Legislators should not make this same mistake and everyday citizens, not just newspapers, should voice their objection to this wrong-headed resolution as well.

Public notices should be public and they should be noticeable. Cutting the newspaper out of this process does neither.

Lawsuit / Columbus City Schools

Board admits to illegal meetings (Feb. 21, 2014)

By Bill Bush


The Columbus Board of Education has agreed that it cannot hold private sessions to meet with an attorney to discuss its data scandal unless it is to discuss pending court action involving the district.

The board illegally closed a series of meetings last year to discuss the district's data scandal, in violation of the state Open Meetings Act. The Dispatch filed a lawsuit in support of the public's right to attend meetings of public bodies.

A settlement signed yesterday by Franklin County Common Pleas Judge Julie M. Lynch restricts the board from using a broad claim of attorney-client privilege to keep the public out of meetings about the data scandal. Board members had claimed such a privilege when they met in private with Robert "Buzz" Trafford, a lawyer they hired to advise them on the data scandal in 2012.

"The Columbus Board of Education has taken another important step in moving the school district forward," board President Gary Baker said in a statement. "Settling this litigation and putting it behind us allows us to focus on our priorities."

The board has spent or authorized more than $300,000 so far to defend itself in the case, even as the district faces $50 million in cuts and has placed seven schools on the chopping block.

The board also agreed to pay The Dispatch's legal fees, totaling $170,000, but the newspaper waived them "for the benefit of the public and the community," according to the settlement document.

A signal that The Dispatch would win the case came in March, when Franklin County Common Pleas Magistrate Tim McCarthy issued a preliminary order telling the school board to stop such meetings.

McCarthy rejected the board's theory that attorney-client privilege, or the right to meet privately with your attorney to get legal advice, required the board to close the meeting.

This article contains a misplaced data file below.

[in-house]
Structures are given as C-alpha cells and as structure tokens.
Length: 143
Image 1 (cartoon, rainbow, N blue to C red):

The board's own general counsel, Larry Braverman, had warned the board in two memos that he did not believe that the board could legally close the meetings to discuss the data scandal because the topic didn't fit any of the open-meeting law's exceptions.

Trafford said that he couldn't say whether he advised holding the meetings in private because he is bound by attorney-client privilege. It was after the board hired Trafford, a managing partner with Porter Wright, that members cited attorney-client privilege to close seven meetings in 2012, over objections from The Dispatch. The newspaper sued, resulting in the settlement.

The Open Meetings Act requires that for boards to shut the public out, their discussions must fit into one of several exemptions to the law. The district claimed one that allows bodies to "consider matters required to be kept confidential by federal law, regulations, or other state statutes." It said the law in question was attorney-client privilege.

The newspaper's attorney, Marion H. Little Jr., argued that the school board's actions were inconsistent with Ohio case law, including two Ohio Court of Appeals decisions, and McCarthy agreed. Little is a partner with Zeiger, Tigges & Little of Columbus.

The court determined that "a meeting that violates this order would cause irreparable harm and prejudice to" the newspaper, and that the district's legal theory "is without support" because the Open Meetings Act specifically allows closed meetings with attorneys only to discuss "pending or imminent court action." The district never has argued that there was pending court action.

In the settlement, the court found that the school board couldn't rely on attorney-client privilege to discuss the data scandal, and that the exemption can't be invoked in the future.

The case was set to go to trial last week, with Braverman first on the stand. Then the district decided to halt proceedings and settle.